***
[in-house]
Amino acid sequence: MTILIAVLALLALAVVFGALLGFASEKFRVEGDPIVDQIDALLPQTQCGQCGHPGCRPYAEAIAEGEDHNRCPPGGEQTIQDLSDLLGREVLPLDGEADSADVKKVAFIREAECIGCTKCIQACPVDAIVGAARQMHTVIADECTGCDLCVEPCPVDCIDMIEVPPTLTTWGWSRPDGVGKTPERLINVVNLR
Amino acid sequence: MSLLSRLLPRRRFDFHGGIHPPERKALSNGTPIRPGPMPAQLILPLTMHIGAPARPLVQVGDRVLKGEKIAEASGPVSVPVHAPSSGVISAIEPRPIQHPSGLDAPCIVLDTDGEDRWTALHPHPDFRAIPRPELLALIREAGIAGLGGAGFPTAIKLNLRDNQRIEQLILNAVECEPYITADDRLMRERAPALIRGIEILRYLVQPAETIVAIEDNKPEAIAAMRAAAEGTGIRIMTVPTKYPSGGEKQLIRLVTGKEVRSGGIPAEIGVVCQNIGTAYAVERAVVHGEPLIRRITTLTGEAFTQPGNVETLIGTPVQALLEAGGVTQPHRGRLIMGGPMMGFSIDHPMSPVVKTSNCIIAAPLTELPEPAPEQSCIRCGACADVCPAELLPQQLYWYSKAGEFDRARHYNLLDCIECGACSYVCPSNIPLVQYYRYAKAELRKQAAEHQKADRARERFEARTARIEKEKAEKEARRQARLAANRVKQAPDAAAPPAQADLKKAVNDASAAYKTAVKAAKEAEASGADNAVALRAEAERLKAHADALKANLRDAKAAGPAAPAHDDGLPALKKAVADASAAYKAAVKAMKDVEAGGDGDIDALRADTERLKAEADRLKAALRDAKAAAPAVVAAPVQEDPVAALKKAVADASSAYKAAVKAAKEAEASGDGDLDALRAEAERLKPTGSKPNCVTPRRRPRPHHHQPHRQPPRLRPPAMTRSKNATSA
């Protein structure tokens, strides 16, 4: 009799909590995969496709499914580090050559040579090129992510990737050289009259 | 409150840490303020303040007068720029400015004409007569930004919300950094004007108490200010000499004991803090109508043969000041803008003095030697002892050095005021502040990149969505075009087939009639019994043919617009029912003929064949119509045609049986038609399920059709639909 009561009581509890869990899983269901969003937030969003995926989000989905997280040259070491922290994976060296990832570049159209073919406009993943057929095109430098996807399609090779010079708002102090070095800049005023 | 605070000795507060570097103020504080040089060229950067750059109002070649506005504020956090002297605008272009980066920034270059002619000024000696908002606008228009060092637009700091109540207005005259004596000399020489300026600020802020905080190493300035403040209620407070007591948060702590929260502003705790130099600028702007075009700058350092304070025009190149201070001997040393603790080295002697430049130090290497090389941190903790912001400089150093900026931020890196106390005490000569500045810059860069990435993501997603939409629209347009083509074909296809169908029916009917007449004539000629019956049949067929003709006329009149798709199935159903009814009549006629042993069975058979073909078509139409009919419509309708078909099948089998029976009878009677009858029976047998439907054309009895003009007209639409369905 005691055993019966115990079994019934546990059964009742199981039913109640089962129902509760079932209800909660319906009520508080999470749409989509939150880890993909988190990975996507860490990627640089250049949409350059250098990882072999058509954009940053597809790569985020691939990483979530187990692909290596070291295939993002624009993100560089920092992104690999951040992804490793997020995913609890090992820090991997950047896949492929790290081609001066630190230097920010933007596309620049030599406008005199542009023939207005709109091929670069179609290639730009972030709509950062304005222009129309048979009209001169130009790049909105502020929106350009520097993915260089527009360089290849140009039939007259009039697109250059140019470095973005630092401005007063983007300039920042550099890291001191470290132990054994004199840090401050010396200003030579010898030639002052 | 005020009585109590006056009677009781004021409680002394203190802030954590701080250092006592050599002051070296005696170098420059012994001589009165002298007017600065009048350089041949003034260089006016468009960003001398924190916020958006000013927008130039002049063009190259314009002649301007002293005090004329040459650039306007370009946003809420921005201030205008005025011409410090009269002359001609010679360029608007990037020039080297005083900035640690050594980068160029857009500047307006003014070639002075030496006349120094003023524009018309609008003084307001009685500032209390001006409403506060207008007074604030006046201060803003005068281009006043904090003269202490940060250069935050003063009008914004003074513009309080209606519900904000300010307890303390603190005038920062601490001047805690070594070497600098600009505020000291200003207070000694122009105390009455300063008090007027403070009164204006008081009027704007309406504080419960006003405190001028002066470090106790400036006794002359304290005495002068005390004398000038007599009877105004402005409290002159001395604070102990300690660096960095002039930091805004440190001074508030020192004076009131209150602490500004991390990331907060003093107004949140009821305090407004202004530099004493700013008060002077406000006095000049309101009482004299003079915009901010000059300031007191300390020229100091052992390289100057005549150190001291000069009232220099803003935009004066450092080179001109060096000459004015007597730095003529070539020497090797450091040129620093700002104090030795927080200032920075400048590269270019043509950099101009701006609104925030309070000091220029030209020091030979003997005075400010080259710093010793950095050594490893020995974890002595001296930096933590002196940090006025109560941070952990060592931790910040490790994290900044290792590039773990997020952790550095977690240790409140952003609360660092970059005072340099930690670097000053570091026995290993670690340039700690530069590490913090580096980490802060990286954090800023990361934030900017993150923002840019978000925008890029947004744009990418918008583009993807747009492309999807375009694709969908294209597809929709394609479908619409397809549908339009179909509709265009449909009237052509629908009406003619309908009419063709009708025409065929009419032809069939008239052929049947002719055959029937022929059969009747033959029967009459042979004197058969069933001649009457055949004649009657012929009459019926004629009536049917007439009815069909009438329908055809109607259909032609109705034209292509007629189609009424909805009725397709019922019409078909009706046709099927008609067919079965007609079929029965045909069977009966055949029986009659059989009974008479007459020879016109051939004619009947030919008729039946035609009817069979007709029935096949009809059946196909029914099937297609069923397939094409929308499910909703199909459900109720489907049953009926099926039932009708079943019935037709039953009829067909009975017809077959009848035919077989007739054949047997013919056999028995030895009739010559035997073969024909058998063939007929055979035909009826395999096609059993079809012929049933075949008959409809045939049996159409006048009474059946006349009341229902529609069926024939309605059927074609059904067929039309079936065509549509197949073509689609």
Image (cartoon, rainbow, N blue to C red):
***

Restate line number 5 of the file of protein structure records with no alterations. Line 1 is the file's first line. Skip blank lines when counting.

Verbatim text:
Image (cartoon, rainbow, N blue to C red):